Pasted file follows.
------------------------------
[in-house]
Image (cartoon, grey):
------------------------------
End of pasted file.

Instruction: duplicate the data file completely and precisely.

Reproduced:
[in-house]
Image (cartoon, grey):